Hoping to capture more of the growing Indian market and tap into lower-cost research and development, Japanese blow molding equipment maker Nissei ASB Machine Co. Ltd. is investing more than $22 million to double the size of its factory near Mumbai.
The Indian market for Nissei's machinery remained strong even as world markets sputtered in the global recession, and there is still significant potential to convert products packaged in glass and other materials to PET, said Ichiro Mizuuchi, managing director of Nissei's India subsidiary, in a Jan. 20 interview at a trade show in Mumbai.
Very fortunately, the Indian market did not have any recession, Mizuuchi said.
He was interviewed at the company's booth at the Plastivision show, held Jan. 20-24 in Mumbai.
Nissei broke ground in December, and plans to finish the expansion by October 2012, boosting employment from about 700 to more than 1,000 and expanding capacity for making blow molding machines by 65 percent, he said. The company currently makes about 400 machines a year there.
The expansion will also double its capacity for manufacturing molds to about 2,000 molds a year, Mizuuchi said.
Nissei set up the Mumbai facility in 2000, primarily as a lower-cost manufacturing spot, he said. That remains a significant reason for the factory about 65 percent of what Mumbai makes is shipped to the company's headquarters in Nagano, Japan, to be sent around the world.
But sales within India have grown substantially, from only about 10 percent of the Mumbai's operations in 2000 to 35 percent now, he said.
The Indian market for PET packaging is similar to the U.S. market 30 or more years ago, before there was significant switching of products to PET, he said.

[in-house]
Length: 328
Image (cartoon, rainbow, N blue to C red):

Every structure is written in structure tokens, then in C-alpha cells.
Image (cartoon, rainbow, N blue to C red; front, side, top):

If measured by market, Nissei said, India uses PET in bottles and packaging in only about 20 percent of the applications using it in mature markets in the U.S. and Japan.
And if measured per capita, the gap is much wider the average Indian uses only about one-fortieth of the PET of the average American, Mizuuchi said.
That's huge potential, he noted, although he said India will not switch to PET as rapidly as the U.S. did, where for example 80 percent of peanut butter jars switched to PET in one year.
The switch is expected to be slower because so much of the population in India is very poor and uses very inexpensive packaging like plastic bags or pouches to buy small amounts of milk or liquids, he said.
Over the next 20-30 years, they will buy this type of PET packaging he said. But it will take time.
Still, he said given the sheer size of India's population, with 1.2 billion people, even a relatively small shift such as another 10 percent of the population using PET bottles is a significant market. And the pace of change in India is accelerating, he said.
That is why there is huge potential here and why we are concentrating on India, Mizuuchi said.
Beyond production, Nissei sees significant potential to tap into India's technical skills and do more research and development work there, he said.
The new factory space will give Nissei more room to do R&D, and possibly create round-the-clock engineering in shifts, he said. It will also expand the range of models Nissei can produce in India, broadening beyond the simpler machines it produces there now, he said.
The Japanese headquarters will continue to make machines India cannot, such as those for medical markets, hot fill or specialty markets, in particular, he said.
Mizuuchi said he wanted to take advantage of the exhibition to demonstrate how the firm intends to expand its capabilities in India.
Nissei brought to its booth in Mumbai one of the company's larger Japanese-made specialty machines, its model 650 EXHD used for making 5-gallon polycarbonate water bottles. I am telling the customer we will be able to make this type of machine in India after the new factory space is built, he said. We are looking for the future to make specialized machines in India.